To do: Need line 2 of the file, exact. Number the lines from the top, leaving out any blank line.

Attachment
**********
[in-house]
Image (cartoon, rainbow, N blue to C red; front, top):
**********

Image (cartoon, rainbow, N blue to C red; front, top):